Last updated on June 6th, 2019 at 04:25 pm
The quest to build bigger ocean-going vessels didn’t stop with the Titanic; it’s still going.
Although it’s the ocean going cruise ships that steal the headlines, the biggest and longest vessels plying the world’s ocean routes are still cargo ships: the current record holder is the Maersk Triple E Class container ship that comes in at just under 400m in length at 399m. In fact, it’s not just one vessel, it’s actually twenty identical ships in service around the world, the first of which launched in 2013.
There have been longer ships, for example the Seawise Giant, an oil tanker which was in service from 1979 to 2009 and measured a whopping 458m from stern to bows, as well as at least another six ships, now also broken up, that measured more than 400m from front to back.
The Maersk Triple E class ships cost a cool US$950M each (Aussie Boat Loans wasn’t involved in this boat finance project) and use a new technology called ‘slow steaming’ which lowers emissions by 50% and decreases fuel consumption by 37%. The trade off is a slightly lower cruising speed of 19 knots (35 kmh). The ships will be used primarily on the Europe/Asia routes via the Suez Canal, but they’re too deep to use the Panama Canal.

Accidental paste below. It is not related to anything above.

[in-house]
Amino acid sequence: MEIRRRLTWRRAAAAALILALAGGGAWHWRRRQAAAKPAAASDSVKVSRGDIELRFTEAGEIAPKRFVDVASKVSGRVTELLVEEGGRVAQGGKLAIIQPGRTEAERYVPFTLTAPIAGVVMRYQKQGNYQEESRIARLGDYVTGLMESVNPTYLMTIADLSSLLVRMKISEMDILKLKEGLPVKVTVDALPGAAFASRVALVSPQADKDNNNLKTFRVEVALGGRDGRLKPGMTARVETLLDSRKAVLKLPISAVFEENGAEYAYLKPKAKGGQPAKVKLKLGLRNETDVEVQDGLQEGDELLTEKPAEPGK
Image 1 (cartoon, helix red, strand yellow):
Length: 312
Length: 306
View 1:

In 2017 the Triple E Class ships will lose their longest vessel crown to the Prelude FLNG (which stands for Floating Liquefied Natural Gas) which will be 488m long. It won’t be a container ship, but as the name implies, a tanker designed to transport LNG – stored at a temperature of -162°C – from gas fields off the coast of Australia to destinations around the world. The Prelude is designed to withstand Category 5 cyclones.
In comparison to these brutes, the longest cruise liner in the world, the Queen Mary II, comes in at a mere 345m. Built at a cost of US$900M, the QMII plies its regular transatlantic route between Southampton in the UK and New York, a trip that takes about a week.
But if a US based consortium can get the project off the ground (no pun intended), the Freedom Ship will put all of these other big ships in the shade. Designed to be a floating city with 40,000 inhabitants, the Freedom Ship will be a colossal 4,500 feet (i.e. 1,372m or 1.3km) in length, making it four times longer than the Queen Mary II. Circumnavigating the globe (see the map here) every two years, the ship will be able to accommodate up to 100,000 people, including the 40,000 residents, 20,000 crew and another 40,000 daily visitors and hotel guests.
The floating city would rise 25 stories above the main deck to a height of 106m and would house all the facilities you’d expect in a small town or city: schools, a hospital and a library, even small scale manufacturing plants, alongside retail shops, hotels, restaurants and the inevitable casino.
The top deck will be a runway suitable for commercial aircraft capable of carrying up to 40 passengers and the vessel will also have its own ‘port’ with a fleet of hydrofoils to carry passengers and residents to and from the port the Freedom Ship is moored off.
Blofeld eat your heart out.
Image credit: Freedom Ship